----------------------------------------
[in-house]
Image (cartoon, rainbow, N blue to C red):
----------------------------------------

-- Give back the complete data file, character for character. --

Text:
[in-house]
Image (cartoon, rainbow, N blue to C red):